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Self-perceptions of age and illness in older Australian adults

Journal Article


Abstract


  • Background: Self-perceptions of age and illness have been

    independently linked to a range of psychological, psychosocial,

    and physical health outcomes. However, subjective

    experiences of illness and ageing in older adults have been

    examined separately. While both age and illness self-perceptions

    uniquely contribute to the psychological health

    of older adults, some findings suggest age and health are

    intimately linked concepts for this population. The Common-

    Sense Model (CSM) has been a useful conceptual framework

    for examining subjective illness representations, and how

    these guide cognitive and emotional responses to illness

    experiences. We apply this framework to self-perceptions of

    ageing.

    Objective: This study utilised the CSM to concurrently

    examine age and illness self-perceptions in subjectively

    healthy versus chronically ill older adults.

    Method: This study uses a cross-sectional design. Correlational

    analyses were performed to examine the relationship

    between age and illness self-perceptions in 194 older,

    community-dwelling Australian adults (mean age of 65

    years) living with (N = 90) and without (N = 104) chronic

    illness. Participants completed questionnaires which assessed

    the age and illness dimensions of identity, timeline (cyclical/

    acute), control, consequences and emotional representations.

    The questionnaires were delivered online as part of a larger

    survey.

    Results: Preliminary analysis indicates significant relationships

    between the age and illness dimensions for emotional

    representations, timeline (cyclical), and control in both the

    healthy and chronically ill groups. A signifi cant relationship

    for the consequences dimension was found for the chronically

    ill group only.

    Conclusions: The implications of the findings are discussed.

UOW Authors


  •   Turner, Louise (external author)
  •   Caputi, Peter
  •   Gonsalvez, Craig J. (external author)
  •   Iverson, Donald C.

Publication Date


  • 2012

Citation


  • Turner, L., Caputi, P., Gonsalvez, C. J. & Iverson, D. C. (2012). Self-perceptions of age and illness in older Australian adults. Australasian Journal on Ageing, 31 (Supplement S2), 61-61.

Ro Metadata Url


  • http://ro.uow.edu.au/sspapers/44

Number Of Pages


  • 0

Start Page


  • 61

End Page


  • 61

Volume


  • 31

Issue


  • Supplement S2

Abstract


  • Background: Self-perceptions of age and illness have been

    independently linked to a range of psychological, psychosocial,

    and physical health outcomes. However, subjective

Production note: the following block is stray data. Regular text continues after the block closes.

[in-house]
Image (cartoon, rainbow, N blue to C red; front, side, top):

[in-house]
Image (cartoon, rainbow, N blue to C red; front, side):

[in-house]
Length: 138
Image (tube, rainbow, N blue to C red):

experiences of illness and ageing in older adults have been

    examined separately. While both age and illness self-perceptions

    uniquely contribute to the psychological health

    of older adults, some findings suggest age and health are

    intimately linked concepts for this population. The Common-

    Sense Model (CSM) has been a useful conceptual framework

    for examining subjective illness representations, and how

    these guide cognitive and emotional responses to illness

    experiences. We apply this framework to self-perceptions of

    ageing.

    Objective: This study utilised the CSM to concurrently

    examine age and illness self-perceptions in subjectively

    healthy versus chronically ill older adults.

    Method: This study uses a cross-sectional design. Correlational

    analyses were performed to examine the relationship

    between age and illness self-perceptions in 194 older,

    community-dwelling Australian adults (mean age of 65

    years) living with (N = 90) and without (N = 104) chronic

    illness. Participants completed questionnaires which assessed

    the age and illness dimensions of identity, timeline (cyclical/

    acute), control, consequences and emotional representations.

    The questionnaires were delivered online as part of a larger

    survey.

    Results: Preliminary analysis indicates significant relationships

    between the age and illness dimensions for emotional

    representations, timeline (cyclical), and control in both the

    healthy and chronically ill groups. A signifi cant relationship

    for the consequences dimension was found for the chronically

    ill group only.

    Conclusions: The implications of the findings are discussed.

UOW Authors


  •   Turner, Louise (external author)
  •   Caputi, Peter
  •   Gonsalvez, Craig J. (external author)
  •   Iverson, Donald C.

Publication Date


  • 2012

Citation


  • Turner, L., Caputi, P., Gonsalvez, C. J. & Iverson, D. C. (2012). Self-perceptions of age and illness in older Australian adults. Australasian Journal on Ageing, 31 (Supplement S2), 61-61.

Ro Metadata Url


  • http://ro.uow.edu.au/sspapers/44

Number Of Pages


  • 0

Start Page


  • 61

End Page


  • 61

Volume


  • 31

Issue


  • Supplement S2